A slender wristband that manages your home’s climate control, stereo and security system with the flick of a finger. A system that turns your cabinets and appliances into “smart things” that sense the world around them and tell you what they’ve learned. A miniature electric guitar that teaches you how to play at your own pace and produces concert-quality sound to boot.
What do these three different gadgets have in common?
One, they’re all part of the “Internet of Things” (IoT), a rapidly growing cohort of Internet-connected devices that directly communicate with one another and can sync with any other device that’s hooked into the cloud, including your personal smartphone, tablet or home computer. Two, they’re all — along with numerous other IoT devices — made or designed right here by companies in Minneapolis and St. Paul.
Currently MSP boasts a lively, innovative IoT scene that produces connected devices, and systems that make them easier to use, for businesses and consumers alike. There’s even a movement afoot to rebrand MSP as “IoT Alley” in recognition of its historical and contemporary contributions to the field. (Though Boston-area techies claim ownership of the “IoT Alley” label too.) Whatever you want to call it, there’s no denying that MSP is leading the march toward a future in which even the most mundane objects — furniture, apparel, lawn sprinklers — plug into the cloud and communicate with the wider world.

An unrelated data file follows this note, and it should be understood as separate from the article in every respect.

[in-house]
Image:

IoT hub before the term was coined
MSP has been a major IoT hub since the days of the mainframe computer, when IoT was known as “machine to machine communications” (M2M) and didn’t have much use outside of large-scale manufacturing applications.
Back then, remote data sensors made by Minneapolis-based Honeywell and other local firms formed intranet networks in self-contained settings, such as heavy-industry environments too hostile for humans to safely spend lots of time in. They supported early generation automation and monitoring applications, making manufacturing safer and more efficient.
In the 1990s, Minneapolis-based Medtronic pioneered a “smart” glucose-monitoring system that recorded patients’ blood-sugar levels as they went about their business and periodically sent the information to their doctors. Numerous connected medical devices followed.
“MSP was an IoT hub way before the term was even coined,” says Joe Morris, a local entrepreneur, investor, startup mentor and owner of MinMor Industries, a printing, packaging and promotions firm. “And it still is today: I’m currently working with several promising IoT startups.”
Today, geometric improvements in computing power and bandwidth have dramatically reduced the cost and complexity of Internet-connected devices, precipitating new applications that were once impractical or unthinkable. Modern factories are awash in connected devices, allowing them to get by with far less labor than a generation ago. Many medical implants transmit real-time data, though security concerns persist.